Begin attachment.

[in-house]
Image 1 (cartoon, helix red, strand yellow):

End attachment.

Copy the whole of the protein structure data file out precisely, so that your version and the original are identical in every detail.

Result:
[in-house]
Image 1 (cartoon, helix red, strand yellow):